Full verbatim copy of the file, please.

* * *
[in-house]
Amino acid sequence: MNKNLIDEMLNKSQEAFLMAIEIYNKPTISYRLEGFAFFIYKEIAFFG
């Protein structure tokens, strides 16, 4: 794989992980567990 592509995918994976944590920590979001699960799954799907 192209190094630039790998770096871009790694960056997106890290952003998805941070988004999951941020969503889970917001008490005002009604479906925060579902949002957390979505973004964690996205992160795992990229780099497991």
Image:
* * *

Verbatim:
[in-house]
Amino acid sequence: MNKNLIDEMLNKSQEAFLMAIEIYNKPTISYRLEGFAFFIYKEIAFFG
């Protein structure tokens, strides 16, 4: 794989992980567990 592509995918994976944590920590979001699960799954799907 192209190094630039790998770096871009790694960056997106890290952003998805941070988004999951941020969503889970917001008490005002009604479906925060579902949002957390979505973004964690996205992160795992990229780099497991």
Image: